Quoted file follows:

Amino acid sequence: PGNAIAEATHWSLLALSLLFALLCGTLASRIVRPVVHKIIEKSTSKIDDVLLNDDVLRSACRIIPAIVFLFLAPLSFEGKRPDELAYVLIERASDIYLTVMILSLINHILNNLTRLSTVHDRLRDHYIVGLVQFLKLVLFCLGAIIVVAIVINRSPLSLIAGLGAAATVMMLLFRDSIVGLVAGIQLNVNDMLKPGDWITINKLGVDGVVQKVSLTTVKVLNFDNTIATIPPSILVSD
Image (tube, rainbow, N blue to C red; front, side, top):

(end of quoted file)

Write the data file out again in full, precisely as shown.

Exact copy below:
Amino acid sequence: PGNAIAEATHWSLLALSLLFALLCGTLASRIVRPVVHKIIEKSTSKIDDVLLNDDVLRSACRIIPAIVFLFLAPLSFEGKRPDELAYVLIERASDIYLTVMILSLINHILNNLTRLSTVHDRLRDHYIVGLVQFLKLVLFCLGAIIVVAIVINRSPLSLIAGLGAAATVMMLLFRDSIVGLVAGIQLNVNDMLKPGDWITINKLGVDGVVQKVSLTTVKVLNFDNTIATIPPSILVSD
Image (tube, rainbow, N blue to C red; front, side, top):